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Request for Proposals: MEDS

The Bren School invites any agency, company, organization, or individual facing an environmental challenge to submit a proposal for a Master of Environmental Data Science capstone project.

This is a valuable opportunity to have a group of talented master's students tackle an environmental problem and create a data-driven solution. It is also an excellent opportunity to establish a working relationship with the Bren School. Projects give businesses, government agencies, NGOs, and other organizations the opportunity to have a group of talented students tackle their environmental data problem and make meaningful and actionable data science contributions.

The Bren School also invites partners to submit a proposal for a Master of Environmental Science and Management (MESM) thesis project. Review the MESM RFP

How it Works

Throughout the project, clients receive high-quality data science work that is approximately equivalent to one full-time employee engaged for six-months. This work helps students develop skills in project management, team-oriented data science, design and implementation, data processing/analysis/manipulation, reproducible workflows, quality assurance, interface development e.g., data visualization, technical documentation, and effective stakeholder communication. The projects also serve to expand both parties’ professional networks by connecting future and current environmental data science leaders.

Deadline & Procedures

All proposers must contact Capstone Project Coordinator Sean Kerr as a first step in proposal development. He also connects proposal authors with Bren faculty, staff, and students who can provide additional guidance and assistance in writing proposals. Given that projects must align with student interest to be selected, clients are encouraged to work with current Bren students and faculty on proposal development.

The Request for Proposals for the 2021-2022 MEDS Capstone Project Cycle will open in May 2021.

Proposals will be due by 5:00pm on Friday, October 15, 2021, submitted via email to projects@bren.ucsb.edu.

Woman student presenting data on poster

Desirable Project Attributes

Product-Oriented. Capstone Projects prepare students to produce meaningful data science solutions to today’s environmental problems. To this end, projects should yield a computational/domain science product with a strong statistics or analytical component and align with student and faculty interest.

Data-Driven. Projects must provide an existing dataset and/or model for students to analyze, process, or manipulate; projects that require data collection or fieldwork will not be considered.

Clearly Defined. Proposals should present a clear scope definition and specific tasks that are attainable by the approximate equivalent of one full-time employee within a six-month period.

Funding Support. External funding for the project (e.g., for software, commercial data, travel, or supplies) is one of several factors considered in project selection. If the proposal requires substantial resources, the client will need to include a clear commitment of financial support for the proposed project.

Collaborative, Yet Flexible. A spirit of trust and collaboration by all parties is expected; client involvement should support students while allowing them to develop their own ideas and approaches.

Project Timeline

  • Summer: Bren School releases a Request for Proposals. New proposals for MEDS Capstone Projects are submitted by faculty and prospective clients.
  • Fall: Submit proposals by Friday, October 15, 2021. Projects are selected in late November;  students and faculty advisors are assigned, clients are notified by the middle of December.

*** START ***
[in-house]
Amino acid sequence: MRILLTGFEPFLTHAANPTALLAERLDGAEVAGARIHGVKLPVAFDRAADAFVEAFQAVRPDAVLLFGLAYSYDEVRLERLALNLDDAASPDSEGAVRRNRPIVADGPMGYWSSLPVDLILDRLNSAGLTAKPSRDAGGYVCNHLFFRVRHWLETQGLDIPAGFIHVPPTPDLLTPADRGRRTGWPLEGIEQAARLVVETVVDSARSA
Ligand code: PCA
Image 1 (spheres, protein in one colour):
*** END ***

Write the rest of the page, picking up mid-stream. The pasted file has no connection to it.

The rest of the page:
• Winter: Client meets the team; students refine project objectives, review datasets and literature, and develop a design and implementation plan. Students present their design plan in a presentation to Bren School faculty and begin working on data analysis/processing/manipulation.
  • Spring: Clients meet with the students and faculty advisor to review progress and reevaluate objectives, as needed. Following the design plan, students complete the data science objective, associated project repository, and technical documentation. Students then present their findings, interface, and/or data visualization to the public, client, and Bren community.

Proposal Requirements

A successful capstone project proposal will meet the following criteria:

  • Represent a significant environmental problem that requires the group to produce a solution.
  • Focus on a clear computational/domain science question with a strong statistics or analytical component.
  • Provide a direct link to access the complete dataset(s) and/or model.
  • Match the interests, expertise and capabilities of students and faculty.
  • Present a feasible project scope, given student experience and availability (must propose a manageable scope of work for a group of 3-4 master’s students spending about 25% of their time during two academic quarters, or 6 months).
  • Provide adequate financial support for data processing or software essential to the project.
  • Support and prioritize open and professional communication among all parties; proposals should outline a clear client point of contact.
  • Projects that cannot be completed by May - June 2022 are not feasible and will not be considered.
Group of five students posing together

Proposal Format & Content

Download a PDF of this RFP.

Project proposals are limited to three pages (excluding references, budget and justification, and client letter of support).

  1. Title, descriptive of the environmental data science problem to be solved.
  2. Name and contact information (email, phone, and affiliation) of the proposer(s). Proposers may be clients, faculty and/or Bren students. If you have worked actively with a faculty member or student(s) to write the proposal, please list them as co-authors. If more than two Bren students contribute to the proposal, the client and/or students must select two primary student authors. If the proposal is selected, the two primary student authors will have the option to be guaranteed membership in the group.